Thus, if an idea is good and we have checked it for its goodness, thought about it, dreamt about it leaving all other ideas alone, and worked for it, then success will surely come.
(i) Now, not everyone has to have a new good idea to work towards to make a life successful. If someone had a good idea and we work towards that same idea with others, we can also be successful. Some great ideas need a team of people. Learn how to work as a team for a great idea and working for it will not be a small thing. It will give us fulfilment.
People from all over the world come to see the Rockefeller Center Christmas tree. It is grand. It has 10,000 light bulbs and thousands of decorations. Each light bulb shining separately cannot create the same grandeur. Yet, on the other hand, each light bulb is important as each of the other 10,000 light bulbs. We can be those individuals who shine like light bulbs working as a team for a great cause.
(ii) If we work unselfishly for a good cause, then we will realize that ultimately a good idea comes from the Almighty Creator who has created this universe and has created our body and mind. Hence, if we are working for our own good idea or for someone else’s good idea, we will be working for the Creator’s idea. We then become an instrument working for the Creator.
(iii) I have never seen a person who even though living alone, cooks delicious dishes every day for him or herself, sits on a dining table alone, and enjoys eating these dishes. Usually, when a person is alone, he/she finds any food, whether leftovers or junk food, that can fill the stomach.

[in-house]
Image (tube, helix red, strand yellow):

However, when one cooks for a family he/she loves, one enjoys cooking. Similarly, along with our family, there is more joy in cooking and feeding guests whom we love most than simply feeding ourselves. The reason is that our Soul or Atman is connected to everyone. When we remove the idea of our body and mind, then what remains is Atman. This Atman is the same in all and we are all connected by that Atman. So when we cook for ourselves only, there is little joy coming from the fulfillment of the desire of our body and mind. When we cook and eat with other people, we feel more joy because we are connected with them. Those who do unselfish service find that when they work for the good of all beings, then infinite joy comes from within, as if the Atman is dancing with joy in seeing that all are happy.
Swami Vivekananda said, “This life is short, the vanities of the world are transient, but they alone live who live for others, the rest are more dead than alive.” There is very little joy in selfishness. Unselfishness is what brings infinite joy.
I have only taken one of Swami Vivekananda’s teachings in this post. You can select one that you like, think about it, and live it.
(Thanks to Ronak Parikh for editing this post)